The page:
Wednesday, November 27, 2019

Global Giants: American Empire and Transnational Capital — Maximilian C. Forte

Review of Giants: The Global Power Elite by Peter Phillips (Introduction by William I. Robinson). New York: Seven Stories Press, 2018. LCCN 2018017493; ISBN 9781609808716 (pbk.); ISBN 9781609808723 (ebook); 353 pps.
Giants: The Global Power Elite, by Peter M. Phillips, Professor of Political Sociology at Sonoma State University, opens with a stated intention of following in the tradition C. Wright Mills’ The Power Elite. This book is clearly meant to be a contemporary update and expansion of Mills’ work, such that the “power elite” now becomes the global power elite (GPE) in Phillips’ volume—and central to the idea of a global power elite is the transnational capitalist class that was at the core of the theorization of Leslie Sklair. One of the most important features of this book, in my view, is that it overcomes the unproductive dichotomy that continues to silently inform many academic and political debates on this question: is the contemporary world order one dominated by US imperialism or transnational capital? Phillips’ answer is productive (even if I do not entirely agree): transnational capital has acquired US power and uses the power of the US state to further its aims, protect its interests, and enforce its agenda. Where I differ, the difference is a relatively slight matter of emphasis: Phillips’ model is largely correct, but it is also important to remember that the wealthiest, most numerous, and most powerful membership of the “transnational” capitalist class is in fact American.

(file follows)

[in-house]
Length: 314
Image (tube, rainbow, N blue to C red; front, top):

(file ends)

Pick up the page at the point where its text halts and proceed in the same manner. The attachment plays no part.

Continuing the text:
This is the basis of neoliberalism, as neo-imperialism and neo-colonialism regarding the periphery and neo-feudalism in relation to the core, as a socio-political theory that is grounded in the dominance of economic liberalism understood as contemporary capitalism over social liberalism (equality before the law) and political liberalism (democracy as governance of, by and for the people.
The centrepiece of this work is its detailed exposition of the 389 individuals who constitute the core of “the policy planning nongovernmental networks that manage, facilitate, and protect the continued concentration of global capital” (p. 10).
Putting names and faces on the abstractions.

Zero Anthropology
Global Giants: American Empire and Transnational Capital
Maximilian C. Forte

1 comment:

Peter Pan said...

Time to bring these 389 criminals to justice!